While the ballplayers enshrined in Cooperstown, New York, have always dominated the headlines, Secours lit up with pride and energy in telling the behind-the-scenes stories of Digby and his peers. She hopes the film will plant a seed in baseball circles, to get scouts a place of their own in the National Baseball Hall of Fame and Museum.

Tim Corbin, head coach of the Vanderbilt Commodores baseball team, said he hopes Secours’ film wins scouts some well-earned recognition.

“The names that we see in the Hall of Fame may not be sitting there if it wasn't for a gentleman that was doing his job. Those players would have been missed if it weren't for the industriousness of a scout,” Corbin said.

According to Secours and many of the coaches, players and talent evaluators interviewed in “Scouting for Diamonds,” the under-appreciated craft has been further pushed aside as teams have moved toward more statistical methods of finding that diamond in the rough.

“I think that the game is going through a cycle where we have found different ways to quantify things, but I don't believe the (scouting) profession is facing extinction,” Pittsburgh Pirates Manager Clint Hurdle said in an interview with Crain’s. “Unfortunately, there are a generation of scouts who have been challenged as generational turnover happens.”

Secours said the project, packed with numerous big-name interviews across the wide world of baseball, will cost about $1.2 million to produce. The film’s website encourages donations to cover the independent project’s remaining $800,000 funding gap. Secours said she’s also deep in negotiations with potential distributors.

“Like every filmmaker walking the planet, of course, we'd love to be an Academy contender,” she said.

Several baseball lifers have already come to the defense of the film and the profession by joining the “Scouting for Diamonds” team. The legendary lineup includes Boggs, Willie Mays, George Brett, Tommy LaSorda and Dusty Baker.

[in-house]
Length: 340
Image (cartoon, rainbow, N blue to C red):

“I think Molly (Secours) has done her research and I don't think there's anyone else out there who can tell the story the way she is,” said Chris Carminucci, a special assignment scout for the Arizona Diamondbacks. “She's one of us; she's embedded herself in our world.”

Bill Murray joined when approached by scout Gary Hughes, who showed the actor the film’s trailer. Murray was sold and agreed to co-produce and narrate the film.

“Bill Murray didn't come on board because of me. He came on board because he loves baseball and he has a great respect for scouting,” Secours said.

With funding and distributorship still a wild card, the film has an anticipated release date in 2017. A portion of the film’s proceeds will benefit the Professional Baseball Scouts Foundation, while another chunk will be funneled into Roberta Mazur’s Scout of the Year program.

Secours, who moved to Nashville in 1994 and sang the praises of Music City’s growing filmmaking scene, said the project has motivated her to pursue two more sports-related films.

“I'm a stage four cancer survivor and my life changed. I don't do anything that's not fun anymore. I don't make film just to make film,” the founder of Lasting Legacies Video said.

September 29, 2016 - 1:49pm